What Is a Social Security Cost of Living Adjustment (COLA)?

Since 1973, the Social Security Act has provided for annual cost of living adjustments (COLAs) to ensure that the amount Social Security beneficiaries receive grows at the same pace as inflation in the United States. The idea behind the COLA is that as food, shelter, and other necessities become more expensive, benefit checks for those receiving Social Security Disability Income (SSDI) and Supplemental Security Income (SSI) will also grow.

The COLA increase is calculated using a formula provided by the Social Security Act that involves the Consumer Price Index for Urban Wage Earners and Clerical Workers – information provided by the Bureau of Labor Statistics. Unlike veterans' disability benefits COLAs, Social Security COLAs are not voted on by federal lawmakers, but rather calculated and approved by the Social Security Administration (SSA).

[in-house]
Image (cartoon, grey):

There may not be any COLA increases at all in years of poor economic growth or low inflation in the United States. During the recent recession, there were no COLA increases in 2009 or 2010. However, during better economic years, COLA increases have been as much as 14 percent, though normally the number hovers between one and five percent.

If you have a question about your Social Security disability claim, talk to a Texas SSDI attorney today for answers. Contact Morgan & Weisbrod today.



Carl M. Weisbrod
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Managing Partner of Morgan & Weisbrod, Board Certified in Social Security Disability Law